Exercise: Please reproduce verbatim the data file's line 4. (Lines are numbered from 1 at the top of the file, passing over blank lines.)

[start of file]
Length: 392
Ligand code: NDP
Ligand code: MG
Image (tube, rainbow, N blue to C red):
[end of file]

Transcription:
Image (tube, rainbow, N blue to C red):